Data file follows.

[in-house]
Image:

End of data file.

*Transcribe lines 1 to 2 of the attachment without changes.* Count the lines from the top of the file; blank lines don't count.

[in-house]
Image: